Project Tango adds 2 computer visions processors and a depth sensor (not clear what this depth sensor is but probably a kinect-like sensor of smaller size and resolution is a possible candidate) along with a motion tracking camera to accompany a standard 4MP phone camera. With such a great collection of sensors and a myriad of very advanced SLAM algorithms developed over the last 15 years by the robotics community, the reality of Project Tango should not be surprising.
It will be interesting to see what kinds of applications could be built using such a platform. For the time being, creating 3D models for gaming is an obvious focus but they also suggest assistive living, e.g., guide application for the visually impaired, as another possibility. Google is giving away 200 prototype phones for those interested in developing applications.
The following video was released by the Project Tango team and tries to explain some of the reasoning behind the creation of this project and also discuss some future directions.
First, robots defeated man in chess.
Second, robots defeated man in the game of Jeopardy.
Third, robots proved to man that they can be better drivers.
Now, they will get the chance to best man in the game of ping pong. I saw it coming a mile away!
So, industrial robot manufacturer KUKA will be hosting a table tennis match between their KR AGILUS robot arm and puny human champion Timo Boll. The purpose of the exhibition is to celebrate the opening of a new robot factory, or so they say! We all know that the robots are finally coming out of the closet and after embarrassing humans in tasks of intellect, will now also demonstrate their superior physical abilities. All, jokes aside, however, the trailer looks pretty cool (see it below) and the game will be broadcast live on March 11th. You can watch it here.
Boston Dynamics have amazed us more than once over the years having created some of the most incredible and, at times, scariest (not in the uncanny valley sense but more on the Terminator is real sense) robots. Their creations range from the jumping Precision Urban Hopper, the incredibly realistic dynamically balanced humanoid PETMAN, and, of course, the very familiar 4-legged robot mule BigDog.
So, what are they up to recently?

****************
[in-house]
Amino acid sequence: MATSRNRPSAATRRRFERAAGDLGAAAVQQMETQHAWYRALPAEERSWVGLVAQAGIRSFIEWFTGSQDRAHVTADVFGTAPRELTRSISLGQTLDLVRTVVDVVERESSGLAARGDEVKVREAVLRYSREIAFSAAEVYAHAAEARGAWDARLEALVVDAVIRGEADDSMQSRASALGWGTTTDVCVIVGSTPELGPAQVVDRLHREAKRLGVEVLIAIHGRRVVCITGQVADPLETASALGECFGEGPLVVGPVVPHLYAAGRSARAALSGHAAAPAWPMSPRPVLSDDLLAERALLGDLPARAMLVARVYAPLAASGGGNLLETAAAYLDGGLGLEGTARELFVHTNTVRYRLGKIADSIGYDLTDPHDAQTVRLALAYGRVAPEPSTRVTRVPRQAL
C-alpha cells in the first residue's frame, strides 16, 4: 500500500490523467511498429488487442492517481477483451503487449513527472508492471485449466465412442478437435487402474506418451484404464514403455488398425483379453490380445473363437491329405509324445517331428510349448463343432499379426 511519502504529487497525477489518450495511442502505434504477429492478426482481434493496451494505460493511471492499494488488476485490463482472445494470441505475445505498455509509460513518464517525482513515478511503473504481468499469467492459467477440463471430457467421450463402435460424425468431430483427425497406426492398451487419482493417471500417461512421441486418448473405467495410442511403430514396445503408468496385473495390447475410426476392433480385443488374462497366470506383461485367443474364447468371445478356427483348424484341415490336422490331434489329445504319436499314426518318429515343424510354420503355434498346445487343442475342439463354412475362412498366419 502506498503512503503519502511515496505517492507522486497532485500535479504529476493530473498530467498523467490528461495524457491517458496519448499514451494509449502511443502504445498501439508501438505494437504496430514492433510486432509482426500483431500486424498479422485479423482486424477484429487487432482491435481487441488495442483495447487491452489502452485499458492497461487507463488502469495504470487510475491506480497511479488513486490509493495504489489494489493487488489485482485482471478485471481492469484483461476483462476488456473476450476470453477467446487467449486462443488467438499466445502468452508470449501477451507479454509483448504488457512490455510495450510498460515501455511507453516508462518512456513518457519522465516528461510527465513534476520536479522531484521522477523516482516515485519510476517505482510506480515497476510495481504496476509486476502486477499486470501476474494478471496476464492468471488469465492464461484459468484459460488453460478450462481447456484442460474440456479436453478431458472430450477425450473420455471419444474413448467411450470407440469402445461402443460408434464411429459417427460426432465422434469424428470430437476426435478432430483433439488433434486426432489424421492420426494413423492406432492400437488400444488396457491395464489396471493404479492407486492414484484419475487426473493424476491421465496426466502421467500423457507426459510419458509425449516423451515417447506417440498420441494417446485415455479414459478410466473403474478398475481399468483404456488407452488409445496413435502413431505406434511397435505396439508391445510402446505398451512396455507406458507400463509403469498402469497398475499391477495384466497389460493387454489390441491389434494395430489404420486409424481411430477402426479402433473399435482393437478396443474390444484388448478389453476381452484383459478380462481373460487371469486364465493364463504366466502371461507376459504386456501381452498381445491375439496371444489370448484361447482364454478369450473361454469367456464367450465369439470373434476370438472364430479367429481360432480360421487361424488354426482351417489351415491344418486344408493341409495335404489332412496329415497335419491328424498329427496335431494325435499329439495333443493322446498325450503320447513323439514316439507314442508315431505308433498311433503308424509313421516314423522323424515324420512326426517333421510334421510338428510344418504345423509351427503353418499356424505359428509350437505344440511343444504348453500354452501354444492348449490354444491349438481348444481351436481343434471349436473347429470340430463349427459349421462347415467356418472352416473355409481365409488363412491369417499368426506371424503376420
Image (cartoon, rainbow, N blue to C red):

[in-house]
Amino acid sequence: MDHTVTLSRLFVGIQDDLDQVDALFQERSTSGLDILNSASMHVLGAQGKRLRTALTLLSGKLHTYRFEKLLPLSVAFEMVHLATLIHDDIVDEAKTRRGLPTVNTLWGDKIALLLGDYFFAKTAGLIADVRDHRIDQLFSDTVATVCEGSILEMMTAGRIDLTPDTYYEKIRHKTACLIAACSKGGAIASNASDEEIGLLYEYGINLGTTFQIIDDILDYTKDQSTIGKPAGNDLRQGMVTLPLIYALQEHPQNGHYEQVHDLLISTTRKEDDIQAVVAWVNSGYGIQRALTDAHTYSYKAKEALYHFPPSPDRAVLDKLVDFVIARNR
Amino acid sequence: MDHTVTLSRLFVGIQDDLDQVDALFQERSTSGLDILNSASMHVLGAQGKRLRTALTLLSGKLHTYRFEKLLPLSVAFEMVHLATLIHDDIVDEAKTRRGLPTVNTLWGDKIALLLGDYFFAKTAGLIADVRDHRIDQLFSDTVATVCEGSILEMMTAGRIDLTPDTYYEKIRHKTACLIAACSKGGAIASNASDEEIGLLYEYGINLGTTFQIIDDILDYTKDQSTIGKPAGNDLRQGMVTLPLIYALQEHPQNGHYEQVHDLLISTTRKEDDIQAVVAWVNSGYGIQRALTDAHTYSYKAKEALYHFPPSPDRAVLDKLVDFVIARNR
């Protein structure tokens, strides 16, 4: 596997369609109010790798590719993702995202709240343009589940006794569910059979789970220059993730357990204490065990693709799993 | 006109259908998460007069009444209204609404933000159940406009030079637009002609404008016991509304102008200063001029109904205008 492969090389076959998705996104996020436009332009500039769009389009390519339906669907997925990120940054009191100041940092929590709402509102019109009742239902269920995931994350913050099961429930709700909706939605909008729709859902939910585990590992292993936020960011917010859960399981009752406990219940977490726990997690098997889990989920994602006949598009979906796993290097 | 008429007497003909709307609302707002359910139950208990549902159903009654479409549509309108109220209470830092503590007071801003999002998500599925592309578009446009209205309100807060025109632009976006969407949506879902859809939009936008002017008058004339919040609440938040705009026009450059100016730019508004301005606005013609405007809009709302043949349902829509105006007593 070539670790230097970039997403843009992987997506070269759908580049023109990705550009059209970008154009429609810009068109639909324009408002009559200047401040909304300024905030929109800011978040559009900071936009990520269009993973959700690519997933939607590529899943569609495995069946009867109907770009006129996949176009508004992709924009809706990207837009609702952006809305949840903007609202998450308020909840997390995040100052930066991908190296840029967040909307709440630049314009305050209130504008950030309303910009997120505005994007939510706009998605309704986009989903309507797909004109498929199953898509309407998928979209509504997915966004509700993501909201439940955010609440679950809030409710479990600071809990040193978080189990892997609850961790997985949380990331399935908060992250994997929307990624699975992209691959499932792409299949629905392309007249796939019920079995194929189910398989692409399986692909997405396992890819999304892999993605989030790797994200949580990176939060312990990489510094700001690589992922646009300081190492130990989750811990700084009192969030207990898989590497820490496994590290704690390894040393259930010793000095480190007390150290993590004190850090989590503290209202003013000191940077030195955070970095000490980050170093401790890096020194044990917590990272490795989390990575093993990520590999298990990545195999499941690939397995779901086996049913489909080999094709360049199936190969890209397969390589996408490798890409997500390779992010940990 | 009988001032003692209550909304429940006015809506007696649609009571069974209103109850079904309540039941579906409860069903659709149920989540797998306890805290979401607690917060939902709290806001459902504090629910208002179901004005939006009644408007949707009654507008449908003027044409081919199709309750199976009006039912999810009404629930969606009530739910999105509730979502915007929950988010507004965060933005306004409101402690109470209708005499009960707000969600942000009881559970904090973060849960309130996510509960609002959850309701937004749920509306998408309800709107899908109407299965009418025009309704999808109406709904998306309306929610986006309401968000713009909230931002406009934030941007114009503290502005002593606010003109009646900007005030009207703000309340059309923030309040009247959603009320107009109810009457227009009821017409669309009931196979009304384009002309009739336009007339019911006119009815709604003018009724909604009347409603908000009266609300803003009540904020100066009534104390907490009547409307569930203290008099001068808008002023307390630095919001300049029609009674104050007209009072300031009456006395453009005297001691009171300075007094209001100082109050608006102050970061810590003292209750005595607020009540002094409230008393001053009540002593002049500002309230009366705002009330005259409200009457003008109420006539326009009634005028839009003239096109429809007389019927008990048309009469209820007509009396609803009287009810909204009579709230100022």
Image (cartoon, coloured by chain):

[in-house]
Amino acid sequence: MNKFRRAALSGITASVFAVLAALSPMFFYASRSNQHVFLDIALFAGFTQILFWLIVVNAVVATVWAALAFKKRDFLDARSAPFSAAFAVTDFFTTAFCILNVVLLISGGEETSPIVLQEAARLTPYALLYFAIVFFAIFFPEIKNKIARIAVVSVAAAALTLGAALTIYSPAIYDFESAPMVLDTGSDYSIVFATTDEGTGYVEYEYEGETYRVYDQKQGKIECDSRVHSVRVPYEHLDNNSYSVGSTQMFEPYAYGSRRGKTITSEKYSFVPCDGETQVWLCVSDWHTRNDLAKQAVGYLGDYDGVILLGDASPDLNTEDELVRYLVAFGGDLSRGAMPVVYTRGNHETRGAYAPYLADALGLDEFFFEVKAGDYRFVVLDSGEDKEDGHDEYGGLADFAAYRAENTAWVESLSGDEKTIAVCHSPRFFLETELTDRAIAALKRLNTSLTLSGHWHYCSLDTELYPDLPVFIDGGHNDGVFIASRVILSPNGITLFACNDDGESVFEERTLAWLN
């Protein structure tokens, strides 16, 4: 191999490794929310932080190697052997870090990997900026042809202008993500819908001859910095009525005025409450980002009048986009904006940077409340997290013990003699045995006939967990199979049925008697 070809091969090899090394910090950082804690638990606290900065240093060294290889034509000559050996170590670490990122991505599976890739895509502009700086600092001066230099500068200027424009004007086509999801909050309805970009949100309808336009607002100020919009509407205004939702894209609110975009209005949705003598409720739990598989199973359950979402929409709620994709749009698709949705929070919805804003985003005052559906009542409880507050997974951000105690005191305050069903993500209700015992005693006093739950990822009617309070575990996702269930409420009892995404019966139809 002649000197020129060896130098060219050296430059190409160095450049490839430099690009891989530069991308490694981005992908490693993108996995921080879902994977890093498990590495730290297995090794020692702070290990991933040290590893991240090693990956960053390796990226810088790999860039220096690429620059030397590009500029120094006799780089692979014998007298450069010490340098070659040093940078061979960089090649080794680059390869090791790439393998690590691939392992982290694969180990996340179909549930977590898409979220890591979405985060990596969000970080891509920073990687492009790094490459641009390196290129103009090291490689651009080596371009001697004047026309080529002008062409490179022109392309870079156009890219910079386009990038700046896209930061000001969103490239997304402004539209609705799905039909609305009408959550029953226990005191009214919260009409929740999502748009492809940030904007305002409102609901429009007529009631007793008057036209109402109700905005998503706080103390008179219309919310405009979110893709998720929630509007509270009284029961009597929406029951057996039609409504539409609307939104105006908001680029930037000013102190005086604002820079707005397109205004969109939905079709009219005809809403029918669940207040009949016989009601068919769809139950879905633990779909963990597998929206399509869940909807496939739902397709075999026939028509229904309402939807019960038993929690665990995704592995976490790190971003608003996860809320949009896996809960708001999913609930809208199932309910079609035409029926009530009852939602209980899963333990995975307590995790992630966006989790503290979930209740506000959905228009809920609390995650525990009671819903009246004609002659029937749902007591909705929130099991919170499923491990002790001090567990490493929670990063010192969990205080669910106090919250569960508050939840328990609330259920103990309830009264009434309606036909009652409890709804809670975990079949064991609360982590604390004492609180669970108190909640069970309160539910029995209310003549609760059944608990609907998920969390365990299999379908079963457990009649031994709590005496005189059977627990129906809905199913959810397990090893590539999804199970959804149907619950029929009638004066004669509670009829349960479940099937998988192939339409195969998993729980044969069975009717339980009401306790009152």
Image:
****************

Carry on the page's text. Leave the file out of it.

They just released a new video of BigDog equipped with a powerful robotics arm lifting and throwing a cement block with ease and elegance; also, it does this while maintaining perfect balance. And this is what much of the work at Boston Dynamics is focused on, real-time control of the most advanced robots on this planet. The main reason we are also so flabbergasted every time they release a new video.
So, watch BigDog picking up and throwing a cement block across the room and join me in hoping that Daniel H. Wilson will soon released an updated version of his How To Survive a Robot Uprising: Tips on Defending Yourself Against the Coming Rebellion including tips on how to avoid getting knocked out by flying cement blocks 🙂
Augmented reality for mobile devices has grown in popularity in recent years partly because of the proliferation of smart phones and tablet computers equipped with exceptional cameras and partly because of developments in computer vision algorithms that make implementing such technologies on embedded systems possible.
Said augmented reality applications have always been limited to a single user receiving additional information about a physical entity or interacting with a virtual agent. Researchers at MIT’s Media Lab have taken augmented reality to the next level by developing a multi-user collaboration tool that allows users to augment reality and share that we other users essentially turning the real world into a digital canvas for all to share.
The Second Surface project as it is known is described as,
…a novel multi-user Augmented reality system that fosters a real-time interaction for user-generated contents on top of the physical environment. This interaction takes place in the physical surroundings of everyday objects such as trees or houses. The system allows users to place three dimensional drawings, texts, and photos relative to such objects and share this expression with any other person who uses the same software at the same spot.
If you still have difficulty understanding how this works and why I believe when made available to the general masses it will be a game changing technology for augmented reality and mobile devices, check out the following explanatory video.
Now, imagine combining this technology with Google Glass and free-form gesture recognition. How awesome would that be?
Quadrocopters are all the rage these day but nobody gets them to more impressive acrobatics than the machine learning and control team, led by Prof. Raffaello D’Andrea, at ETH.